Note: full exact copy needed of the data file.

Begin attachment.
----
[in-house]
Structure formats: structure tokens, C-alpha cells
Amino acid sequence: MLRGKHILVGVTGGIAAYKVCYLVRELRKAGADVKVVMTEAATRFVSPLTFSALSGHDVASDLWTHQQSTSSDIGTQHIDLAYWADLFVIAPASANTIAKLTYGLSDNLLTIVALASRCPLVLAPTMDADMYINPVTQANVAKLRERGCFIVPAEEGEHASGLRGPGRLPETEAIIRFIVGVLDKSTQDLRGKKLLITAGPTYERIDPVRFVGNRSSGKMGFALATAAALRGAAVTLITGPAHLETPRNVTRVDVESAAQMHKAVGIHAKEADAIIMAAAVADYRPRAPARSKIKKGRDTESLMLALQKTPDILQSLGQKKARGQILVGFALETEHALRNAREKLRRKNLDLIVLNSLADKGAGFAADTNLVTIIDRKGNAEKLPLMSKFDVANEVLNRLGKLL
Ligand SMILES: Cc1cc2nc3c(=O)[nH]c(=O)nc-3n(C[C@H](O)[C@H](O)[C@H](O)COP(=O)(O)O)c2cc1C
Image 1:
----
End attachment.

[in-house]
Structure formats: structure tokens, C-alpha cells
Amino acid sequence: MLRGKHILVGVTGGIAAYKVCYLVRELRKAGADVKVVMTEAATRFVSPLTFSALSGHDVASDLWTHQQSTSSDIGTQHIDLAYWADLFVIAPASANTIAKLTYGLSDNLLTIVALASRCPLVLAPTMDADMYINPVTQANVAKLRERGCFIVPAEEGEHASGLRGPGRLPETEAIIRFIVGVLDKSTQDLRGKKLLITAGPTYERIDPVRFVGNRSSGKMGFALATAAALRGAAVTLITGPAHLETPRNVTRVDVESAAQMHKAVGIHAKEADAIIMAAAVADYRPRAPARSKIKKGRDTESLMLALQKTPDILQSLGQKKARGQILVGFALETEHALRNAREKLRRKNLDLIVLNSLADKGAGFAADTNLVTIIDRKGNAEKLPLMSKFDVANEVLNRLGKLL
Ligand SMILES: Cc1cc2nc3c(=O)[nH]c(=O)nc-3n(C[C@H](O)[C@H](O)[C@H](O)COP(=O)(O)O)c2cc1C
Image 1: